More debate on ORC building project

Doug Brown
Doug Brown
Ill-feeling over the future of Otago Regional Council's headquarters recurred yesterday as councillors debated the next step in dealing with the issue.

• No Maori constituencies

Cr Doug Brown, who led the challenge against the proposed multimillion-dollar waterfront office block two years ago and succeeded in getting it dropped, has again protested - this time against the make-up of a small project control group to be appointed to get the accommodation project moving again.

The council yesterday considered a late report from chairman Stephen Woodhead outlining the background to the office accommodation issue and recommending the council reaffirm its goals for an office block, appoint a control group, have the group provide a project outline for the council in time for consideration in its long-term plan and workshop funding options.

Membership of the control group was suggested as Cr Woodhead, deputy chairman Cr David Shepherd, Cr Trevor Kempton (first-term councillor and former managing director of Naylor Love Construction), finance committee chairman Duncan Butcher, chief executive Graeme Martin and a consultant and/or project manager.

Cr Brown said he was disappointed at the make-up of the control group, given the harbourside project was ill-founded and wasted a lot of the council's funds.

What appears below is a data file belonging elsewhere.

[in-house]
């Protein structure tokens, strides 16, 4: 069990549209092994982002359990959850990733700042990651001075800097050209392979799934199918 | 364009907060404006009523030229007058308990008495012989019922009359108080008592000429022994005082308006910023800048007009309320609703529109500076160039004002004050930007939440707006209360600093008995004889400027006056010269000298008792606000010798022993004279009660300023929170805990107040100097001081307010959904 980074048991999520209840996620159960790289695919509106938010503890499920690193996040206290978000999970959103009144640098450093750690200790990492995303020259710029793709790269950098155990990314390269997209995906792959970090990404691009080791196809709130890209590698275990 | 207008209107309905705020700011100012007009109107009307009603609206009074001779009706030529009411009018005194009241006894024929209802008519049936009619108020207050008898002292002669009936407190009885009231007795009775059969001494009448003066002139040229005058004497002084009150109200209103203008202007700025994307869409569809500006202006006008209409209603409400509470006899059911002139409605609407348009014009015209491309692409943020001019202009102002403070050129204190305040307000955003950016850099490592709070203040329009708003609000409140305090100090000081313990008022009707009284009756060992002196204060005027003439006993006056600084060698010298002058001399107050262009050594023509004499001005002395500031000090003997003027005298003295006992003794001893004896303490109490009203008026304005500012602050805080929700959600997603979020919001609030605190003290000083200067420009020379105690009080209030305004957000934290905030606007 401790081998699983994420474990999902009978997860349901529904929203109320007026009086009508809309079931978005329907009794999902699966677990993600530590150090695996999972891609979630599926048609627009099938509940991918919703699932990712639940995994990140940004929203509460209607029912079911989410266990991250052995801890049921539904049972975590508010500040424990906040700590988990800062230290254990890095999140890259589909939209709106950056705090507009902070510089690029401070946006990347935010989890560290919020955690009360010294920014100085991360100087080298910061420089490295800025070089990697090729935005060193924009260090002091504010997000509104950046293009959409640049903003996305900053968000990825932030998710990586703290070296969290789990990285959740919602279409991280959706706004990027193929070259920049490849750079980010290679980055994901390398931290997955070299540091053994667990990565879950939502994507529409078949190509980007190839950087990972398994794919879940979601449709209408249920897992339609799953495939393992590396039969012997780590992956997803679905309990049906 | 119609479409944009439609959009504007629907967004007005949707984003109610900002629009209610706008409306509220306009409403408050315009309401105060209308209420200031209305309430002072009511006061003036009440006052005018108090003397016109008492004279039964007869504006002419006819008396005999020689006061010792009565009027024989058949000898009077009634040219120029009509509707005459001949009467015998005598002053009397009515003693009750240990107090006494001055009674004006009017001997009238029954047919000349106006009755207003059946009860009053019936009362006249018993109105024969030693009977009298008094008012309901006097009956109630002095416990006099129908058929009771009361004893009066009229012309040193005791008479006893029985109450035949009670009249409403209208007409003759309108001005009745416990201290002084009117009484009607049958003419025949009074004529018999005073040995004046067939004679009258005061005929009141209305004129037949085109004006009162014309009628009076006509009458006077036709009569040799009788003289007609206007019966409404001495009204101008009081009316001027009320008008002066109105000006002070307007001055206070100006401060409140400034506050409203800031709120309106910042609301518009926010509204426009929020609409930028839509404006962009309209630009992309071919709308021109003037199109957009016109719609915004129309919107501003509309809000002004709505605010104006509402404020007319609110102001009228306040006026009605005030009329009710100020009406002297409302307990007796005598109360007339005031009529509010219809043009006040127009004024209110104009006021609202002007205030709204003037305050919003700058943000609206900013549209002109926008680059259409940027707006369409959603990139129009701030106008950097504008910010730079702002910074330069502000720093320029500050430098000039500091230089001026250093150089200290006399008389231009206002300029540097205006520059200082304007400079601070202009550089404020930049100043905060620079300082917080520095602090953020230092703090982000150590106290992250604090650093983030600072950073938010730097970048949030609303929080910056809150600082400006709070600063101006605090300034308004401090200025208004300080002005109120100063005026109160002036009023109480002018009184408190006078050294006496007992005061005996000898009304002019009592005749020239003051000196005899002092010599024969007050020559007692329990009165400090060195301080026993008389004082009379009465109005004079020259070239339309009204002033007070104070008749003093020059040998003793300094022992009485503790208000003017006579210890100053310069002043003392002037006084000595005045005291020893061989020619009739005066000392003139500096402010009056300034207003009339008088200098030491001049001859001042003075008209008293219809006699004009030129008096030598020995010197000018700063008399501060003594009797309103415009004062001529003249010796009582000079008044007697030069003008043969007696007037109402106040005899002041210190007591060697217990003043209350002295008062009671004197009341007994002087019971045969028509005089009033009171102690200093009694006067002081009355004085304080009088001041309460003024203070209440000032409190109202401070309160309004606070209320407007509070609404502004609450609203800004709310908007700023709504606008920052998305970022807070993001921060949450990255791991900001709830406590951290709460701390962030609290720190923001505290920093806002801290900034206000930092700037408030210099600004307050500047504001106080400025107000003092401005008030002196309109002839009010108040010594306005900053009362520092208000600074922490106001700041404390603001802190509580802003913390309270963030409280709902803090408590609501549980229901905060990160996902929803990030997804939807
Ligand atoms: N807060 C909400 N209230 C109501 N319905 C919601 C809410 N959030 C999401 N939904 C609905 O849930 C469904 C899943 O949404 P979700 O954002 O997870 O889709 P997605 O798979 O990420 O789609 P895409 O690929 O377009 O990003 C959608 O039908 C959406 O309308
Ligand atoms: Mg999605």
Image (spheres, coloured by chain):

"It's ironic three people on that committee supported it to the bitter end ... [this] needs fresh thinking."

He was concerned those on the group would "filter" the information that came back to the full council and turned down an invitation to join the group, instead suggesting Cr Bryan Scott, who had project management experience, be included.

Cr Butcher said as he felt "barbs" were being pointed at him due to his "strong advocacy" of a new building he would withdraw his name from consideration.

"Perhaps Cr Brown may now want to join."

Cr Woodhead said the control group would not have the power to make decisions and there would be no attempts to "skew" the information.

"I've dropped the baggage from the previous ..."

Cr Kempton said the control group needed to be small and needed to move forward quickly.

To do this, it was important a project manager, independent of the council and with no involvement in the previous project, was hired.

This person would take a fresh look at the history of the project and suggest ways forward to council that "might surprise".

Cr Shepherd said he would take a "clean slate look" at the matter.

Cr Scott said he was willing to take part and suggested that up to three project managers be interviewed by the full council for the job.

"Like it or not, this project will have a bit of baggage with it."

Councillors said the project had some urgency, and Cr Louise Croot urged a December deadline for a report back to the council, although it was suggested that could be difficult, given it was only six weeks away.

However, the timeline was tight as funding for a new office block, or whatever was decided, needed to go into the long-term plan and the deadline for that was mid-February, Mr Martin said.

Cr Kempton believed a review of the council's past work on the project, a council workshop and a "succinct" three paragraphs on what was intended, and the financial contribution needed, could be done by then.

The council, except Cr Brown, passed the recommendations including replacing Cr Butcher with Cr Scott on the project group.

rebecca.fox@odt.co.nz

 

 

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